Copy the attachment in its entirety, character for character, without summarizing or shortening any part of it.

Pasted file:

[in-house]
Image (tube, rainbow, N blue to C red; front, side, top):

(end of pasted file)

[in-house]
Image (tube, rainbow, N blue to C red; front, side, top):